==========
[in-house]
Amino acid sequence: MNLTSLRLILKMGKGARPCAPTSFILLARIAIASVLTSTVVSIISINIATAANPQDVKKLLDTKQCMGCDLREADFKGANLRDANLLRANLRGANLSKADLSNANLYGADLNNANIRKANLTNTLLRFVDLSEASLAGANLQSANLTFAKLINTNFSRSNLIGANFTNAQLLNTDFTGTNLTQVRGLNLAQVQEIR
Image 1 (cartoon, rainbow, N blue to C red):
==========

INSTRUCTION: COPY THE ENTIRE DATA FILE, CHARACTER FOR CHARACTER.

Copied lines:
[in-house]
Amino acid sequence: MNLTSLRLILKMGKGARPCAPTSFILLARIAIASVLTSTVVSIISINIATAANPQDVKKLLDTKQCMGCDLREADFKGANLRDANLLRANLRGANLSKADLSNANLYGADLNNANIRKANLTNTLLRFVDLSEASLAGANLQSANLTFAKLINTNFSRSNLIGANFTNAQLLNTDFTGTNLTQVRGLNLAQVQEIR
Image 1 (cartoon, rainbow, N blue to C red):